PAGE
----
Christian Patriotism or Nationalism?
A disturbing trend has developed in America’s churches, the growth of which has been so subtle that it has largely escaped our notice. In fact, we have been so unaware of the rising danger in our churches and have come to accept the subtle changes step by step, that many of us will see this developing trend as a positive thing (I once did). The trend has been toward an acceptance, even an embracing, of civil religion.
The issue has been breeched on this website on a couple of occasions (here and here), but has yet to be dealt with head-on. In researching for the “head-on” article I intended to write I ran across a couple of essays that address the issue better than I could have. One, entitled "Nationalism in the Sanctuary," deals with the issue in a straightforward and biblical manner. The second, entitled “The Critical Patriot,”, discusses the appropriate attitude of a Christian patriot and outlines the proper relationship between our loyalty to God and our loyalty to country.
My own observations deal mainly with how our churches came to so revere the state (be it the military, the president, the flag, veterans, or whatever) that we have engaged in activity that, if it is not outright idolatry, certainly approaches it. I don’t know when the practice of placing an American flag in the sanctuary (like the one pictured above) began but I’m sure it was met with little resistance. What could be wrong with identifying our church as an “American” one? Nothing, right? That's why flags like the one above are as much a fixture in our churches as pulpits. Who could foresee a time when churches would participate in full-fledged services that completely ignore the cross of Christ and the glory of God in favor of “old glory” and pledging allegiance to the state (as seen in the photo below)?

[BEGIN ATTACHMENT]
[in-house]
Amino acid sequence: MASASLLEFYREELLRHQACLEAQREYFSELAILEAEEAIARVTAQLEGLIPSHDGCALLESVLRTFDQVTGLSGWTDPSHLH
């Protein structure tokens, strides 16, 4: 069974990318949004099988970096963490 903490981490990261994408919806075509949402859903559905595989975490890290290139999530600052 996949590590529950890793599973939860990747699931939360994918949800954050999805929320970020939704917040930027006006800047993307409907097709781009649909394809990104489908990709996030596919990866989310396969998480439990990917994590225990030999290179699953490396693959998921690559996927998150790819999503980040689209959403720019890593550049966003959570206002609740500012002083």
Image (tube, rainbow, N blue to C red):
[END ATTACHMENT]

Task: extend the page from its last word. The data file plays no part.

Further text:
The time has come to prayerfully consider what we are doing in our churches and to ask some difficult questions. What is the purpose of the Church? If it exists for the glory of God alone (as I’m convinced Scripture says), then is our Church engaged in activity for the glorification of another? What does the Bible say about it? What would God have us do?
I look at the picture below and imagine what my reaction would be if it were in a slightly different context. What if that was a first century church? What if the American flag on the wall was an enormous painting of Caesar instead? What if those Christians were swearing loyalty to an earthly emperor in a place designated specifically for the worship of God? Would I then consider their behavior appropriate or biblical? More importantly, would God?